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Publication numberUS4235734 A
Publication typeGrant
Application numberUS 05/964,868
Publication dateNov 25, 1980
Filing dateNov 30, 1978
Priority dateNov 30, 1978
Publication number05964868, 964868, US 4235734 A, US 4235734A, US-A-4235734, US4235734 A, US4235734A
InventorsGary A. Scherubel
Original AssigneeThe Dow Chemical Company
Export CitationBiBTeX, EndNote, RefMan
External Links: USPTO, USPTO Assignment, Espacenet
Used for cleaning ferrous surfaces of encrustation
US 4235734 A
Abstract
A liquid, foamable acid composition is described which comprises a liquid foaming agent (i.e., a surfactant) and an alkanol or an inertly-substituted alkanol dissolved in an aqueous acid. The foamed compositions find utility, for example, in cleaning ferrous surfaces.
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Claims(14)
What is claimed is:
1. A foam derived from a foamable acid composition comprising (a) a foam-generating amount of at least one soluble cationic surfactant, (b) a foam-stabilizing amount of at least one alkanol or inertly-substituted alkanol, dissolved in (c) an aqueous acid.
2. The composition defined by claim 1 wherein (b) is a lower alkanol, a 1,2-alkylene glycol, a polyoxyalkylene glycol, a monoether of said 1,2-alkylene glycol or polyoxyalkylene glycol, or mixtures thereof.
3. The composition defined by claim 2 wherein (b) is an ethoxylated alkanol or phenol in which from 1 to 4 moles of ethylene oxide are condensed onto an alkanol of from 1 to 4 carbon atoms or phenol, a polyoxyethylene glycol having an average molecular weight of from 200 to about 2000, or a polyoxypropylene glycol having an average molecular weight of up to about 500.
4. The composition defined by claim 3 wherein (b) is ethylene glycol n-butyl ether or a polyoxypropylene glycol having an average molecular weight of from about 350 to about 450.
5. The composition defined by claim 4 wherein (b) is a polyoxypropylene glycol having an average molecular weight of from about 350 to about 450.
6. The composition defined by claim 1 wherein said acid is hydrochloric acid, sulfuric acid or formic acid.
7. The composition defined by claim 6 wherein said acid is hydrochloric acid.
8. The composition defined by claim 1 wherein (b) is ethylene glycol monobutyl ether or a polyoxypropylene glycol having an average molecular weight of from about 350 to about 450, and (c) is aqueous hydrochloric acid, sulfuric acid or formic acid.
9. The composition defined by claim 8 wherein (c) is hydrochloric acid.
10. The composition defined by claim 9 wherein (b) is a polyoxypropylene glycol having an average molecular weight of from about 350 to about 450.
11. In the process of cleaning acid-soluble encrustations from ferrous surfaces by contacting the encrusted surface with a foamed acid composition, the improvement comprising using the composition defined by claim 1 as the foamed acid composition.
12. A foam derived from a foamable acid composition consisting essentially of (a) from about 0.25 to about 5 weight percent of a cationic surfactant mixture of about 3 parts cocotrimethylammonium chloride and about one part bis(2-hydroxyethyl) cocoamine oxide, (b) from about 0.25 to about 7 volume percent of ethylene glycol monobutyl ether or a polyoxypropylene glycol having an average molecular weight of about 350 to 450, dissolved in (c) aqueous hydrochloric acid.
13. The composition defined by claim 12 additionally containing an acid corrosion inhibitor.
14. In the process of cleaning acid-soluble encrustations from ferrous surfaces by contacting the encrusted surface with a foamed acid composition, the improvement comprising using the composition defined by claim 13 as the foamed acid composition.
Description
BACKGROUND OF THE INVENTION

This invention pertains to novel liquid, foamable acid compositions and to foams prepared from said compositions. This invention also pertains to the use of said foams in cleaning ferrous surfaces and fracturing subterranean formations.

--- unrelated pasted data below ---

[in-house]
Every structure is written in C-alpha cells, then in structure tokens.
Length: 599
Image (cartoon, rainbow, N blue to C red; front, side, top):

Foams of aqueous acids have been described previously. These acid foams have been used, for example, to clean ferrous surfaces and in fracturing subterranean formations. The acid foams are prepared by frothing a liquid acid comprising a foaming agent (i.e., a surfactant). The foam itself has been typically generated by mechanical means (e.g., mechanical stirrers), by chemical means (e.g., a blowing agent) or by physical means (e.g., bubbling a gas through the liquid). The state of the art is illustrated, for example, by Brenner et al. (U.S. Pat. No. 3,037,887), Crowe et al. (U.S. Pat No. 3,436,262), and Blauer et al. (U.S. Pat. No. 3,937,283). The disclosures of these patents are incorporated herein by reference.

Brenner et al. describe foamable acid compositions, the use of acid foams in cleaning of ferrous surfaces and also describe mechanical methods of generating the foam. The liquid, foamable acid compositions described by Brenner et al. comprised an acid solution containing a foaming or frothing-producing aid. These foaming or frothing aids are substances known to the industry as surfactants which, by decreasing the surface tension of the liquid, render the liquid more readily foamable and produce a more stable foam. These surfactants are cationic, anionic, or nonionic in nature. The foams were produced by blowing a gas through the liquid.

Crowe et al. describe acid foams which are similarly useful in cleaning ferrous surfaces. The liquid, foamable acid compositions described by Crowe et al. were acid solutions comprising a surfactant and a "blowing agent" which was liquid or solid as incorporated into the composition but became a gas at an elevated temperature. The foam was thus produced by heating the composition to the point at which the blowing agent became gaseous.

Blauer et al. described a stable acid foam which was used to fracture subterranean formations. The liquid, foamable composition likewise comprised a surfactant dissolved in the liquid acid (or base), a propping agent (e.g., sand) and a gas.

In each of these utilities, it is desirable that the foam height and stability be increased as much as possible to maximize performance.

SUMMARY OF THE INVENTION

Novel liquid, foamable acid compositions have now been discovered which yield increased foam height and/or stability. The novel compositions comprise (a) at least one foaming agent and (b) at least one alkanol or inertly-substituted alkanol dissolved in (c) an aqueous acid.